The pump has a drip out of the weep hole.
If the shaft isn't scored/worn, these pumps can easily be rebuilt by replacing the seals and the bearings.
If youre handy and have access to an arbor press (or very large bench vise) ..... the only 'problem' will be setting up the clearances between the bearings and seals; so, measure carefully using 'wire gages' to obtain the as-installed clearance dimensions. Some Yanmar water pumps sometimes require these special 'clearances' ... so measure before you disassemble.
The bearings and seals can be obtained through common industrial bearing national distributorships such as: Bearings Inc. or Callahan Inc. (every large town in industrial/farming areas usually has both of them).
If you KNOW how to remove such bearings and seals, just take them to such distributorships and have them do the measuring .... or identify the parts by their indicated ID stamped on the body of the part (Yanmar, etc. doesn't make bearings and seals!).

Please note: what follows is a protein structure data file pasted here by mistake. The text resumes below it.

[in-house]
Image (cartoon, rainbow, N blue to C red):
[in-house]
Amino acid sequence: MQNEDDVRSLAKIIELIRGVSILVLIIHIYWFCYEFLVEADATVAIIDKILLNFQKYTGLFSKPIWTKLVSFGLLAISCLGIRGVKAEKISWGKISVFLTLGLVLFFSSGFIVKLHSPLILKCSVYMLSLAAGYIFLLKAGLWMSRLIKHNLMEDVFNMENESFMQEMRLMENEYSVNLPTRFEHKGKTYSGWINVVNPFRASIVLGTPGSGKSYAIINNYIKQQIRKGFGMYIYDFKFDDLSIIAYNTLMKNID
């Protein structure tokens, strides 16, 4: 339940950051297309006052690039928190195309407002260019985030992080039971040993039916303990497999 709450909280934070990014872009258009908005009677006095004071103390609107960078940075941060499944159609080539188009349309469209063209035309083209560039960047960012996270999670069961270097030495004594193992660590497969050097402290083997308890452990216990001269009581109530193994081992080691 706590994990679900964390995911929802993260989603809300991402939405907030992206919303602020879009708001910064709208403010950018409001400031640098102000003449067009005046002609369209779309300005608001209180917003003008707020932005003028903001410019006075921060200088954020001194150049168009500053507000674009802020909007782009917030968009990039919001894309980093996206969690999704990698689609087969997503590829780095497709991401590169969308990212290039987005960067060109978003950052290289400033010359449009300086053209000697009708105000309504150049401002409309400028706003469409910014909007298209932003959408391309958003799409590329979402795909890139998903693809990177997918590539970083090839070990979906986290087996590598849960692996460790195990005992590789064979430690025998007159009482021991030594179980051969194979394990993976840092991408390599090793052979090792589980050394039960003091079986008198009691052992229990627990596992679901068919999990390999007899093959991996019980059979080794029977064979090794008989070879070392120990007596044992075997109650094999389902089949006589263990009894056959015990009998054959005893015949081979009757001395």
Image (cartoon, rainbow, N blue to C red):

If the shaft is slightly scored or worn, you can consider to 'dress' the shaft and install new bearings and seals to the new dimensions .... if you know how to 'set up' a press fit / interference fit (take careful note of the 'clearances' between
bearings and seals when disassembling. The smaller Yanmar distributors and authorized mechanics (usually at larger marinas) sometimes
can do this for you; but, at always horrendous
Another (much cheaper) source for repair would be your local automotive machinist (every moderate sized town has one) - you ID, purchase and take the new bearings and seals with you. Will be a bargain if the shaft isn't scored/worn.
... material cost for both seals (water and oil seals)will be about ≈$30.00 from an industrial distributor; you might as well change the bearings 'while you're at it'.
About $60-80 for all the needed parts, an additional ≈$75.00 for an automotive machinist to do the 'pressing' and set up .... or you could simply throw about $450 towards a new pump.